Maria Teresa, Grand Duchess of Luxembourg

From Wikipedia, the free encyclopedia
Jump to navigation Jump to search
María Teresa Mestre y Batista
Maria Teresa Mestre.jpg
Grand Duchess consort of Luxembourg
Tenure7 October 2000 – present
BornMaría Teresa Mestre y Batista
(1956-03-22) 22 March 1956 (age 63)
Marianao, Havana, Cuba
FatherJosé Antonio Mestre y Álvarez
MotherMaría Teresa Batista y Falla de Mestre
ReligionRoman Catholicism

Maria Teresa, Grand Duchess of Luxembourg (born María Teresa Mestre y Batista; on 22 March 1956), is the spouse of Grand Duke Henri.

Early life and education[edit]

Maria Teresa was born in 22 March 1956 in Marianao, Havana, Cuba, to José Antonio Mestre y Álvarez (Vedado, Havana, 1926–1993) and wife (m. Vedado, Havana, 1951) María Teresa Batista y Falla de Mestre (Vedado, Havana, 1928–1988), both from bourgeois families of Spanish descent.[1]

The Mestre family have as their patriarch Arnau Mestre, born Landorthe, who married in 1625 in San Pedro de Ribas. One of his descendants, Francisco Mestre y Roig Benaprés (born in 1787 in Sitges) travelled to Cuba in 1830 where he married Josefa Dominguez y Morales (born in 1764, daughter of Andres Domínguez Bencomo and Manuela Morales Ponce de León), being the founder of the Mestre family in Cuba. The Grand Duchess also descends through her father from the Spanish Espinosa de los Monteros noble family.

Her maternal grandparents were Don Agustín Batista y González de Mendoza (Batista family member with possessions in the town of Puerto de Santa María del Príncipe and no family relationship with Fulgencio Batista), Chairman of the Board of Directors of the Trust Company of Cuba and Doña María Teresa Falla Bonet, daughter of the Spanish tycoon Laureano Falla Gutierrez, millionaire businessman whose fortune was made up of several sugar mills, two banks (one of which is "The Trust Company of Cuba") and other goods which were confiscated by the government of the Revolution.

In October 1959, at the time of the revolution, Maria Teresa Mestre left Cuba with her parents. The family settled in New York City, where, as a young girl, she was a pupil at Marymount School. From 1961 she carried on her studies at the Lycée Français de New York. In her childhood, Maria Teresa Mestre took ballet and singing courses. She practices skiing, ice-skating and water sports. She lived in New York City, Santander, Spain, and Geneva.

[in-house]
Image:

In 1980 she graduated from the Graduate Institute of International and Development Studies in Geneva with a degree in political sciences.

Social and humanitarian interests[edit]

Soon after her marriage, Maria Teresa and the then Hereditary Grand Duke Henri established The Prince Henri and Princess Maria Teresa Foundation to assist those with special needs integrate fully into society.[2] In 2001, she and her husband Henri created The Grand Duke and Grand Duchess Foundation, launched upon the accession of the couple as the new Grand Duke and Grand Duchess of Luxembourg.[3] In 2004, the Foundation of the Grand Duke and Grand Duchess of Luxembourg was created after the merging of the two previous foundation.[3]

In 1997, Maria Teresa was made a special ambassador for UNESCO, working to expand education for young girls and women, and help to fight poverty.[2]

Since 2005, Grand Duchess Maria Teresa is the chairwoman of the international jury of the European Microfinance Award, which annually award holders of microfinance and inclusive finance initiative in developing countries. Also since 2006, Maria Teresa has been honorary president of the LuxFLAG (Luxembourg Fund Labeling Agency), the first agency to award and put label the microfinance investment funds around the world.[4]

On 19 April 2007, the Grand Duchess was appointed UNICEF Eminent Advocate for Children,[5] in which role she has visited Brazil (2007),[6] China (2008),[7] and Burundi (2009).[8]

She is a member of the Honorary Board of the International Paralympic Committee.[9] She is also the president of Luxembourg Red Cross and the Cancer Foundation.[2][4] In 2016, she organized the first international forum on learning disabilities in Luxembourg.[4]

In October 2016, the Grand Duchess accepted an invitation to join the eminent international Council of Patrons of the Asian University for Women (AUW) in Chittagong, Bangladesh. The University, which is the product of east-west foundational partnerships (Bill and Melinda Gates Foundation, Open Society Foundation, IKEA Foundation, etc.) and regional cooperation, serves extraordinarily talented women from 15 countries across Asia and the Middle East.[10][11]

In 2019, Grand Duchess Maria Teresa presented her initiative "Stand Speak Rise Up!" to end sexual violence in fragile environments, launched in the cooperation with the Women’s Forum and with the support of Luxembourg Government. The conference is in partnership with the Dr. Denis Mukwege Foundation and We Are Not Weapons of War.[12]